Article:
In the Third Millennium, the Holy Spirit calls us to go back to “the beginning” — calls us to go back to the beginning of the New Testament and “discover anew” the apostolic message of the first two chapters of Matthew. In the beginning of Matthew, the Holy Spirit records our “Sacred Family History”: “The book of the genealogy of Jesus Christ, Son of David, Son of Abraham” (Matthew 1:1). Pope Leo XIII, in his Encyclical on St. Joseph, provides the important insight for reading this first chapter of the New Testament: “The divine household which Joseph governed with paternal authority, contained the beginnings of the Church.” (Quamquam Pluries, 15 August 1889; #3)

It bears repeating: biblical types are not mathematical formulas; certainly, there are valid reasons to identify Jesus as the “new Moses.” The Sermon on the Mount in Matthew, in one sense, presents Jesus as the “new Moses” giving the “new Law.” This biblical symbolism is not exclusive; all the Old Testament types are fulfilled in the Incarnation. More fundamentally, Jesus is fully human, like us in everything but sin. We may enter more deeply into personal communion with Jesus by embracing the fullness of the Incarnation: together as one in eternal Holy Communion, Joseph, Mary, and Jesus are the image and likeness of the divine, uncreated Holy Family (the Blessed Trinity). Joseph, Mary, and Jesus are the human, created Holy Family.

In the third millennium, the Holy Spirit is drawing us into deeper and more personal Communion with the uncreated divine Trinity (the divine Holy Family), and the image and likeness of the divine Holy Family (the human Holy Family). In light of the new movement of the Holy Spirit to make Joseph known, I believe it is helpful for everyone to become more familiar with the “new Sarah, Abraham, and Isaac”: Mary, Joseph, and Jesus. God called Abraham to be the Patriarch of all God’s children, to be the Father of a multitude of nations. This call is forever and has never been revoked. Moses, in contrast, was called for a temporary assignment: to return to Egypt (from Arabia) and lead the Tribes of Israel out of Egypt to the Promised Land. Moses accomplished this mission and was dismissed before Israel entered the Promised Land! He did not enter.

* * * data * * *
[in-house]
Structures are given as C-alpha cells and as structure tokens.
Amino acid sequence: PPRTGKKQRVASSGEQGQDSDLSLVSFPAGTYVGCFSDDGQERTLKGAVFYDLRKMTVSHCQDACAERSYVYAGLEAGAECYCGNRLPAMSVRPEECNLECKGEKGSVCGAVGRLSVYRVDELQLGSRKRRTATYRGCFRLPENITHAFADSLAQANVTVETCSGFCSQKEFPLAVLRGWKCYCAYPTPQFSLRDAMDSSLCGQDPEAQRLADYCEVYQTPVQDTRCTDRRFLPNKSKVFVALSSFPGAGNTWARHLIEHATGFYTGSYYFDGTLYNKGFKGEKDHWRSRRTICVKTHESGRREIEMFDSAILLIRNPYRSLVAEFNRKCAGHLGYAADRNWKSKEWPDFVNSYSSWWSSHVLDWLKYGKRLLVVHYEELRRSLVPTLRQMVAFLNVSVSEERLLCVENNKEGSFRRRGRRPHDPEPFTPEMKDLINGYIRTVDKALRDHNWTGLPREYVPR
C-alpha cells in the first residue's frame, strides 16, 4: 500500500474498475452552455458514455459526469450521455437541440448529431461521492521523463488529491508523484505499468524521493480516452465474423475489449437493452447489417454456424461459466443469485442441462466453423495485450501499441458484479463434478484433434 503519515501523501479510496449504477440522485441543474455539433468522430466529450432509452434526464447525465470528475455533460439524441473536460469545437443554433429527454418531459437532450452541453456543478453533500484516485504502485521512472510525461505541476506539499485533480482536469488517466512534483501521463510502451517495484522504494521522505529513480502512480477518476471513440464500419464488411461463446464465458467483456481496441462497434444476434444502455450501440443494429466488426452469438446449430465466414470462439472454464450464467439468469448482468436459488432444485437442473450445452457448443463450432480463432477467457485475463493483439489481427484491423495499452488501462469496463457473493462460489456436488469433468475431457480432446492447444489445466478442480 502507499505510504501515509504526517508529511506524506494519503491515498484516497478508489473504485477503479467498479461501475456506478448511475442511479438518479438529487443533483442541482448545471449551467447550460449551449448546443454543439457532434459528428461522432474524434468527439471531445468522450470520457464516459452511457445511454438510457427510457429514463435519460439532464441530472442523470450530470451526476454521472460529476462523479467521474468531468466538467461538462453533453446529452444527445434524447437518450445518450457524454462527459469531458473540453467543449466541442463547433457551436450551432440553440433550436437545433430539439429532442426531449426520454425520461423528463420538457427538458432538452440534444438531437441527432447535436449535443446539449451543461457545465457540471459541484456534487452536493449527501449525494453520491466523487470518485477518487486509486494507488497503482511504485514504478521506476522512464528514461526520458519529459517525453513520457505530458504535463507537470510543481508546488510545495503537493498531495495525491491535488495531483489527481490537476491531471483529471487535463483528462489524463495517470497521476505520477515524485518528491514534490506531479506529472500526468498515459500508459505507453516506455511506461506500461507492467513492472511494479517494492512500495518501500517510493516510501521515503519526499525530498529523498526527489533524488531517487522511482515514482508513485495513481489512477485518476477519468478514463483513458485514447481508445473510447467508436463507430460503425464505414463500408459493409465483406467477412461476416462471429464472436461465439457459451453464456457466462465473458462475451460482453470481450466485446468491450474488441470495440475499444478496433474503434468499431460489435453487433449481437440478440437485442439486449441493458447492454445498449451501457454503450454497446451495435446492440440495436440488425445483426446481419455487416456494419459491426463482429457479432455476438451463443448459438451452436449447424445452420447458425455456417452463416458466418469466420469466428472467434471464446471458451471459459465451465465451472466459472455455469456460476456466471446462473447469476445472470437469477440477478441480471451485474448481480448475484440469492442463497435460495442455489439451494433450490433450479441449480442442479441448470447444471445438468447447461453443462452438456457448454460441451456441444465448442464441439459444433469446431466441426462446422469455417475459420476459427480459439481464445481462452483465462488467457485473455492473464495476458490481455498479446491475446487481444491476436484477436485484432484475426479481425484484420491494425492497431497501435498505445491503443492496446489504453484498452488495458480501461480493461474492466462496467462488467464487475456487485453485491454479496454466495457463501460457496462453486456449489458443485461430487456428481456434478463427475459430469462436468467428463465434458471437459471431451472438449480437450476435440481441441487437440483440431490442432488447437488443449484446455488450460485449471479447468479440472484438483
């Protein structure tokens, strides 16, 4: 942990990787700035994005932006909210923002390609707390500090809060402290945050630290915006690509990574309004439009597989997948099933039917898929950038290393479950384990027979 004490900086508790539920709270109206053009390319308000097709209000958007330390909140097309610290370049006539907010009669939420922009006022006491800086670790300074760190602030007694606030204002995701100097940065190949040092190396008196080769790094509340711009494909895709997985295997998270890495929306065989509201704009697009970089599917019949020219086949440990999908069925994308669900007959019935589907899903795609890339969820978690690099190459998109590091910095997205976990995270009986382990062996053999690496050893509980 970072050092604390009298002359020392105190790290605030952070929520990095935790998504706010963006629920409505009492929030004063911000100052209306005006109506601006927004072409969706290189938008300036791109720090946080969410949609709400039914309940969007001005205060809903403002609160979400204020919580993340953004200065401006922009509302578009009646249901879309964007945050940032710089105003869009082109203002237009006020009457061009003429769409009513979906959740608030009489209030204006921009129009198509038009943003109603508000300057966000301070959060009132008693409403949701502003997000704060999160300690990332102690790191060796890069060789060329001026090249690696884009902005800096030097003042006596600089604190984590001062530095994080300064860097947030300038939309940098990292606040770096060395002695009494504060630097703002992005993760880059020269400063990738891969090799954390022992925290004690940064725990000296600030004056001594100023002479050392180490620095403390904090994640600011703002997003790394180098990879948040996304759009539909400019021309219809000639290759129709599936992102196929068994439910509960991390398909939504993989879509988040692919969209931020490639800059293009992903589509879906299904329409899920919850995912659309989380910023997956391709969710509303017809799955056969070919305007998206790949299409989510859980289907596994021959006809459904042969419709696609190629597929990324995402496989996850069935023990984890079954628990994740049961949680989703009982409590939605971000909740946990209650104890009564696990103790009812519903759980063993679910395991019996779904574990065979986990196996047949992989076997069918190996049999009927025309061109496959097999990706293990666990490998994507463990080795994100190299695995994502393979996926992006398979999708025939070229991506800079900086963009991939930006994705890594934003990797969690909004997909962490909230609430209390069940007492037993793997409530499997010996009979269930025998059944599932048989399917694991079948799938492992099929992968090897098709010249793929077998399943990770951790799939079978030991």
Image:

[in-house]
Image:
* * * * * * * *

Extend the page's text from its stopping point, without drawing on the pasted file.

During the archetypal pilgrimage from Egypt to the Promised Land, the people do not obey Moses and God institutes temporary detention monitors (the Levitical Priesthood) with remedial regulations to enforce proper worship (Levitical Statutes). (Note: The Ten Commandments, recorded in the Book of Exodus, are universal and permanent. The Levitical Statutes — recorded in the Book of Leviticus — are temporary and remedial.) After the Israelites enter the Promised Land, God extends these disciplinary Statutes to regulate the Temple worship in a Temple made by human hands (see Acts 7:48; 17:24; and 2 Cor 5:1).

The Letter to the Hebrews explains that the temporary Levitical Priesthood and Statutes will end when the eternal Covenant Priesthood and Sacrifice is established. Jesus and the Holy Spirit establish a new and unique Priesthood — a priesthood foretold and prefigured by Melchizedek’s interaction with Abraham, and fully instituted after the Passion, Death, Resurrection, Ascension, and Descent of the Holy Spirit. Abraham and Moses may be seen as the two primary figures in Judaism, both speak directly — and repeatedly — with God; one is the main subject of Genesis, the other is the main subject of Exodus. Abraham and Moses may be seen as types of Joseph of Nazareth and Simon Peter; the gospels begin with Joseph of Nazareth (first chapter of Matthew) and end with Simon Peter (last chapter of John).